NEW YORK, Jan 9 (Reuters) - Few dealers expected the Federal Reserve to decide to pare back its massive bond-buying stimulus program in December, after the U.S. central bank surprised many investors by continuing the purchases at an unchanged pace in September, according to the results of a poll by the New York Fed released on Thursday.
The poll, taken before the Fed’s Dec. 17-18 meeting, when it reduced its monthly Treasuries and mortgage-backed program by $10 billion to $75 billion beginning in January, showed that only 25 percent of primary dealers expected the Fed would cut its purchases of Treasuries in December, and only 18 percent expected a reduction in mortgage-backed securities.
That was fewer than the 58 percent of respondents who expected the Fed to pare its Treasuries purchases in September, and the 52 percent who expected MBS-buying to also be reduced.
The Fed’s decision to leave the purchase program unchanged in September surprised many investors and traders. Some complained the decision left them less able to read the central bank’s intentions and trust in its communication strategy.
Many traders took losses after yields on benchmark 10-year Treasuries almost doubled to near 3 percent in the four-and-a-half months heading into September’s meeting, after comments by Fed Chairman Ben Bernanke in May were interpreted as making a pullback in purchases more likely.
The yields subsequently fell back below 2.50 percent when the Fed kept bond purchases unchanged, before climbing back to around 2.85 percent on Dec. 18 when the Fed announced it would begin tapering its purchases.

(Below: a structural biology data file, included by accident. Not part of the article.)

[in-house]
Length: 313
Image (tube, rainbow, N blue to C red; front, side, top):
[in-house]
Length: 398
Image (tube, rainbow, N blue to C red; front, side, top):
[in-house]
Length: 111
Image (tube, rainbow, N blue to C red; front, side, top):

The Fed’s fear of making an error by trimming purchases drove its decision in September, when markets were also preoccupied with the prospect of another U.S. government shutdown and the risk of a debt default, said Millan Mulraine, an analyst at TD Securities in New York.
In December the context was “the polar opposite,” with greater economic growth momentum and fiscal clarity enabling the Fed to reduce purchases, Mulraine said.
As the Fed moves to gradually withdraw stimulus and return markets to more normal conditions, its communications strategy will be of vital importance. If bonds sell off at a faster pace than the Fed intends, the higher yields could imperil the economic recovery that it has aimed to foster.
The New York Fed’s poll shows that there remains a fair degree of confusion over timing, at least among the dealers surveyed. March was seen as the most likely month that the Fed would begin cutting back.
“That’s not a goal, to surprise people,” Boston Fed President Eric Rosengren told Reuters this week, but he added that there were times when tough decisions had to be made.
And while many bond investors had expected tapering in September, a large group were also unsure, New York Fed markets head Simon Potter told a group of bond traders and other financial market participants in December.
Potter told attendees at a Money Marketeers event that a significantly lower proportion expected a pullback in September than the 90 percent of dealers that expected the Fed would introduce its second quantitative easing stimulus program, totaling $600 billion of purchases, in November 2010.
Anecdotal conversation with overseas traders suggested that they may have had even lower expectations than those in the United States, he added.
If banks had priced for a different outcome, Potter said it may have been because questions they placed in their investor surveys were vague.
“If people have surveys, please ask probability-type questions, not just the most likely event,” he said, noting that if there were four choices on a survey it could skew the response. “It’s confusing when people are asked that question.” (Additional reporting by Jonathan Spicer; Editing by Paul Simao)